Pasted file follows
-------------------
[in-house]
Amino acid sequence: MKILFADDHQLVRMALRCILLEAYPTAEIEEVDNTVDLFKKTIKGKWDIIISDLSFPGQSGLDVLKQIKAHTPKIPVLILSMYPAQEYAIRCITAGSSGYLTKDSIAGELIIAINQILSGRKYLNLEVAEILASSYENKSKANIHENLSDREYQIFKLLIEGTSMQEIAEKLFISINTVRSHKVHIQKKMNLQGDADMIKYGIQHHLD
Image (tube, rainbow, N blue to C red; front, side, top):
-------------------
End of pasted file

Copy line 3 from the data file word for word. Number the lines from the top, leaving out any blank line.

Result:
Image (tube, rainbow, N blue to C red; front, side, top):